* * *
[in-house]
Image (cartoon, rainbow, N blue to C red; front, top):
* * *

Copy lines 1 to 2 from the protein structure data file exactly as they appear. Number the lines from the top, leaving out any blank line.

[in-house]
Image (cartoon, rainbow, N blue to C red; front, top):